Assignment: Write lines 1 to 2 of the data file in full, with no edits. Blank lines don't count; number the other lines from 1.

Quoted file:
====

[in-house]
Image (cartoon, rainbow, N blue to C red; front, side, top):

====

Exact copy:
[in-house]
Image (cartoon, rainbow, N blue to C red; front, side, top):